Puget Soundkeeper Alliance Files Appeal Seeking Stronger Controls, Sooner

FOR IMMEDIATE RELEASE: December 22, 2021


Nicole Loeffler-Gladstone, Puget Soundkeeper Communications Manager 

206.297.7002 x109


Janette Brimmer, Earthjustice Senior Attorney 



Olympia, WA (December 22, 20021) — Today, Puget Soundkeeper Alliance challenged a permit issued by the Washington Department of Ecology (Ecology) that allows nutrient pollutants from waste treatment plants to continue to be discharged, unchecked, into Puget Sound and the Washington State waters of the Salish Sea. Excess human-caused nutrient pollution has resulted in (and continues to exacerbate) damage to the Sound. This sewage pollution, particularly nitrogen, feeds algal blooms that harm marine life. It threatens vital salmon habitat, depletes oxygen levels in the water, and sets the Puget Sound back in our blue carbon goals for mitigating climate change.  

“Ecology’s own research shows that wastewater treatment facilities are driving the nutrient pollution damage to the Sound. The research also shows we can make a real difference by investing in wastewater treatment facility upgrades, today,” said Puget Soundkeeper Executive Director Sean Dixon. “Yet, this permit fails to set pollution limits, fails to require pollution reductions, and allows for pollution levels to increase. It focuses on planning, waiting, and watching, not acting.”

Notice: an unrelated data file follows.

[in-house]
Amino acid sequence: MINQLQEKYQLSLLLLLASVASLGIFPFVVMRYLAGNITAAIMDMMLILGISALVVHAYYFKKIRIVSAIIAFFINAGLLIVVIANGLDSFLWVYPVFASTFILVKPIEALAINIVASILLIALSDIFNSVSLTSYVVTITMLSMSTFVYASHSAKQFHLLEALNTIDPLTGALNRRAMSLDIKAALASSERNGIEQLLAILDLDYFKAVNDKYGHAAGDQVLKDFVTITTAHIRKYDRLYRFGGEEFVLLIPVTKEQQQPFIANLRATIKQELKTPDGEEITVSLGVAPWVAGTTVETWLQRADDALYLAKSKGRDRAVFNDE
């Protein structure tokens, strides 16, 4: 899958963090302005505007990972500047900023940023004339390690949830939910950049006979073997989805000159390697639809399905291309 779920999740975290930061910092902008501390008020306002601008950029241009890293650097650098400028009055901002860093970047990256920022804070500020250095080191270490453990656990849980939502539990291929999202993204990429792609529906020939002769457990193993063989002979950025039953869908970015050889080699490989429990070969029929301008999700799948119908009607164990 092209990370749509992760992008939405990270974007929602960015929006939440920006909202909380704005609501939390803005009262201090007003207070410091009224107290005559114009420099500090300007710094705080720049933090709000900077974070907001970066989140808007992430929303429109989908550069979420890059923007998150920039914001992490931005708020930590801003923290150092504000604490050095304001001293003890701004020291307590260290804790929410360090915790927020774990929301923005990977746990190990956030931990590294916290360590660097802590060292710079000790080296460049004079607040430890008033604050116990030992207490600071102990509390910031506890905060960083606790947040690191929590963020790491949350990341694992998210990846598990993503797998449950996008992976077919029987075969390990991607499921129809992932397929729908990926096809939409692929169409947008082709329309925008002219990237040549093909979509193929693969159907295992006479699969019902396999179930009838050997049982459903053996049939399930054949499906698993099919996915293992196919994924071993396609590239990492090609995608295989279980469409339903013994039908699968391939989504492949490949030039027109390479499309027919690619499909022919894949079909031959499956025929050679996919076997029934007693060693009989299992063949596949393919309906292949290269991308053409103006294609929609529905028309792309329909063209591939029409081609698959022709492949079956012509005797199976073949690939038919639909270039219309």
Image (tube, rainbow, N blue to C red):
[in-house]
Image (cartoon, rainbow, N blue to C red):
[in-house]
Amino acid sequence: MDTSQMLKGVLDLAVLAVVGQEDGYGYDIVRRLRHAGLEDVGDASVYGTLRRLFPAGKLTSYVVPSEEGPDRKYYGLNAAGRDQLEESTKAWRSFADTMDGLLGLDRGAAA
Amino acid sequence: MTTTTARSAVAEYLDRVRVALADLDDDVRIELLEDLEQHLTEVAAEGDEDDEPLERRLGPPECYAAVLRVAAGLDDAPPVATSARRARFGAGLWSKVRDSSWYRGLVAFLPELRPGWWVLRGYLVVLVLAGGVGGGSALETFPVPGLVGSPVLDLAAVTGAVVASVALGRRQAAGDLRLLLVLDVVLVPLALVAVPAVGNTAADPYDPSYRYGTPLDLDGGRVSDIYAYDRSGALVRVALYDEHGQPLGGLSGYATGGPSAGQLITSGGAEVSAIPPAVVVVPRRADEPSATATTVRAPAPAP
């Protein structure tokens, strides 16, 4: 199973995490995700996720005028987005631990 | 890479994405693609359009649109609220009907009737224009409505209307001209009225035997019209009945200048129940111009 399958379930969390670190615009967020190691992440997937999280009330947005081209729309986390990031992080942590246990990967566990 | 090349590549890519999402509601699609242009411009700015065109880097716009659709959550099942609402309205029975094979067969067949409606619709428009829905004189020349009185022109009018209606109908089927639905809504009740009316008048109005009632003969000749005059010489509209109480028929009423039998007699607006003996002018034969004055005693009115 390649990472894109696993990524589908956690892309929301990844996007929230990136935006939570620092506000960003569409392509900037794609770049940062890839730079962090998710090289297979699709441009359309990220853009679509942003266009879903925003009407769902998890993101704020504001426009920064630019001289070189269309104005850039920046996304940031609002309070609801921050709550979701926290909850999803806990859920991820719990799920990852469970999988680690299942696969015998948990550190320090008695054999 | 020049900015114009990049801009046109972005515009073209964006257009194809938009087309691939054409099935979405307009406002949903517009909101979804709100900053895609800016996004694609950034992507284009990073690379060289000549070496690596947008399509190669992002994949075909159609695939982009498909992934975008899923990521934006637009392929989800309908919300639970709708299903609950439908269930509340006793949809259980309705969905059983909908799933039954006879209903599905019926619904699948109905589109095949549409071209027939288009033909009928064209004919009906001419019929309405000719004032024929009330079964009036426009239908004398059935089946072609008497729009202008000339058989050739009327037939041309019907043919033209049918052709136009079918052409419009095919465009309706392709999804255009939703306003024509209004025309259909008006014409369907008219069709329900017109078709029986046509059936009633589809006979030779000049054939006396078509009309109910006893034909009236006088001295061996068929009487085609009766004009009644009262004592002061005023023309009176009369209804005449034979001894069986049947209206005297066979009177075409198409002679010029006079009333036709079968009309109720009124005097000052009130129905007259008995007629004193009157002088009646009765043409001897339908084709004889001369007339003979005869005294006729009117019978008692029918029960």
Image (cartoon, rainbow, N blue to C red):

Puget Soundkeeper appealed the permit to the Pollution Control Hearings Board to compel stronger controls on wastewater pollution. State law and the federal Clean Water Act require nothing less.

“Our region prides itself on innovation and environmental protection, yet our wastewater treatment facilities, particularly those in large cities, are outdated and inadequate,” Dixon continued. “No one is minimizing the scale and scope of the work ahead of us, but we must set the required systems, permits, and plans in place to ensure the long-term health of Puget Sound.”

“The law is clear. Clean water permits must require wastewater plants to employ all available and reasonable technology to control pollution. The permits must impose pollution limits to ensure that wastewater plants’ pollution discharges don’t violate water quality standards necessary to protect human health, and preserve the Sound and the Washington waters of the Salish Sea,” said Janette Brimmer, Senior Attorney at Earthjustice, which is representing Soundkeeper in this action. “Ecology’s permit fails to set limits and doesn’t drive reductions. ” 

“Water quality issues in Puget Sound are complex, but this issue is quite simple: stop adding more pollution,” says Alyssa Barton, Policy Manager for Puget Soundkeeper. “How will we make smart investments to reduce pollution if we won’t start by limiting it?”